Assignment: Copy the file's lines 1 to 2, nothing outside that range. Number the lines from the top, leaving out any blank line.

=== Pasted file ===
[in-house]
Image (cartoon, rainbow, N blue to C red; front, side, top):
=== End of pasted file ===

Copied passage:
[in-house]
Image (cartoon, rainbow, N blue to C red; front, side, top):